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Graca Machel giving her input during the plenary session on “Closing the Economic Equality Gap” at the 25th World Economic Forum conference held at the Cape Town International Convention Centre. Picture: Ian Landsberg

Cape Town – While there were more women in politics in Africa, the numbers were dismal when it came to economic participation, senior women leaders said at the World Economic Forum on Africa on Thursday.

“There is an illusion of progress, rather than actual progress. We have been very busy, but we haven’t produced real change,” said a candid Phumzile Malambo-Ngcuka, who heads up UN Women, during a session at the Cape Town International Convention Centre.

 

Graca Machel, who wears many hats, including being the founder of the Foundation for Community Development, agreed, saying that most women were still in the informal economy on the continent.

“The informal economy… is about survival… they don’t prosper. And in the formal sector, you only get a few faces of women,” she said.

They were speaking at the session on how to close the economic equality gap. Globally, women earned between 10% and 30% less than men. Compared to men, only half of women were in full-time wage paying jobs.

Machel said that if the economic gap was to be closed, countries needed targeted programmes to train women in enterprise development so that they could enter the formal economy.

“We have to have targeted programmes… not tokens,” she said.

Robert Collymore, who is the CEO of leading mobile network operator in Kenya, Safaricom, said during the discussion that education opportunities for girls needed to be looked at from the beginning.

Also, women were just as at fault as men in that when they got into leadership positions, they forgot about other women, he said.

“I have seen so many women when they hit the C-Suite showing the same bias オンライン カジノ (as men),” said Collymore.

Women currently make up only 14% of the composition on company boards in Africa.

Mlambo-Ngcuka said that while it was important to increase the representation of women and the quality of women, at the same time men had to be held more to account to ensure greater numbers.

The seminar heard details on what Rwanda had done to improve the economic gender gap since the Rwandan genocide in the 90s. The country ranks seventh in the world when it comes to equal rights.

Claver Gatete, the Rwandan Minister of Finance and Economic Planning, said that besides focusing on the numbers of women in various sectors, Rwanda had introduced a legal framework to develop women and girls, which even included managing access to land.

 

He said that currently more girls were in primary school than boys. And while it was the opposite in secondary schools, more girls were passing.

 

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The country will probably fail to meet the millennium development goals as statistics suggest women are not benefiting from legislative gains.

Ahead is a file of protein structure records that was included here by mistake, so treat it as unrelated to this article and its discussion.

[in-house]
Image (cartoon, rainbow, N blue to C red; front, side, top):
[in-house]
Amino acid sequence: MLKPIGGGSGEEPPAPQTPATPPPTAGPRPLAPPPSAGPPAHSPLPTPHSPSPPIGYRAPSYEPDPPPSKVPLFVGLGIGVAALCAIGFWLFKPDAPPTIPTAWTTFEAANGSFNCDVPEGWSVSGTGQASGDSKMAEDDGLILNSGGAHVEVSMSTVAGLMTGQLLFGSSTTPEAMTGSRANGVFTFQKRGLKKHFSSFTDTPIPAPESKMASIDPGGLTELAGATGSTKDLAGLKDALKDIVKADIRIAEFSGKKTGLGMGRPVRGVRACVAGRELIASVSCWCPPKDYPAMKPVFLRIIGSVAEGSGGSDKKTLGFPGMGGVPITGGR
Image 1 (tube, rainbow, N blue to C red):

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With less than a year left until the deadline for countries to reach the millennium development goals set by the United Nations, the majority of women in South Africa are not benefitting from gains made in terms of gender equality. This is in part caused by gender-based violence, according to the Commission for Gender Equality.

Eight of the goals, which address global issues such as health and education, were adopted in 2000 by 189 countries were to be achieved by December 31 2015.

The development goals aimed at promoting gender equality and empowering women includes targets such as an equal enrolment ratio of girls to boys in primary, secondary and tertiary educational institutions as well as equal levels of literacy across genders. South Africa is on track to achieve these.

Another target is the employment of men and women in a 50/50 ratio and both genders should have similar levels of employment. But the country is predicted to fail to achieve this by the end of the year.

The share of women in the non-agricultural employment sector has increased from 43% in 1996 to 45% in 2012 (the latest available figure), and 77% of women earned the same amount as men, according to 2010 figures from Statistics South Africa.

Good in theory

In 2012 the Organisation for Economic Co-operation and Development (OECD) ranked South Africa fourth out of 87 countries on their social institutions and gender index. But last year the country dropped dramatically to 90th position out of 148 nations.

The OECD says this drop is largely because women find it difficult to use the justice system. UN research shows that nearly 67?000 sexual offences were reported between April 2012 and March 2013, yet only 6% of these led to convictions.

While the country’s laws protect women in theory, the OECD says there “remain challenges with the application and enforcement of the law”.